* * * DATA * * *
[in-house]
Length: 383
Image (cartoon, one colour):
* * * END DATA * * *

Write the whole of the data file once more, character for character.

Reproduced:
[in-house]
Length: 383
Image (cartoon, one colour):